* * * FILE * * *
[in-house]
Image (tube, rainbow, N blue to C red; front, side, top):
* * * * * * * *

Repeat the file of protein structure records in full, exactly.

[in-house]
Image (tube, rainbow, N blue to C red; front, side, top):